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Tennessee Adventists Plead for Killer-Turned-Elder’s Life, but Governor Denies Clemency — and More News Shorts


In this week’s news round-up, the Governor of Tennessee denies clemency for Donnie Johnson, an Adventist elder on death row, a U.S. Army health clinic is named for Desmond T. Doss, Florida Governor signs school voucher program at Adventist school, DeVon Franklin’s wife, actress Meagan Good, discusses how judgmental Christians have pushed her away from church, and Oakwood Aeolians sing for crash victim’s daughter.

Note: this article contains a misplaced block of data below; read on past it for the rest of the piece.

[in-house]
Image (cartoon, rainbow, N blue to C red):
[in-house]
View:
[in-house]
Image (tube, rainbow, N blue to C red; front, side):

Tennessee Adventists Plead for Killer-Turned-Elder’s Life, but Governor Denies Clemency. Members of Riverside Chapel Seventh-day Adventist Church in Nashville, Tennessee, do not want the state to execute Donnie Johnson. President Ted N.C. Wilson, president of the General Conference of Seventh-day Adventists and Daniel Jackson, president of the church's North American Division, both wrote letters, joining several who sit in the pews and preach in the pulpit, urging Governor Bill Lee to grant Johnson clemency before his May 16 execution date and allow him to spend the rest of his life in prison. The church has hosted a news conference, the pastor has met with Lee's legal team, and members have organized a prayer march all in the hopes of swaying the governor to spare Johnson's life. Johnson, who has spent the last 33 years on Tennessee's death row for the 1984 murder of his wife, is one of their own. Not only is he a Seventh-day Adventist, but about a decade ago, the congregation decided to ordain Johnson as an elder of their church because of the ministry work he was doing behind bars. "He has been leading and serving in such a way that what he's doing in there is the exact kind of ministry that we would definitely ordain someone for out here," said Pastor Furman F. Fordham II, who leads Riverside Chapel. Johnson, 68, guides Bible studies inside Riverbend Maximum Security Institution in Nashville, started a radio program called "What the Bible Says," and supports his fellow inmates living on Unit 2, which is where men on Tennessee's death row are housed.